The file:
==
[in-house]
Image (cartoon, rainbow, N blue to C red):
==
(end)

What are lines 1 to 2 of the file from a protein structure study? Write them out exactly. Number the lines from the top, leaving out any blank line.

[in-house]
Image (cartoon, rainbow, N blue to C red):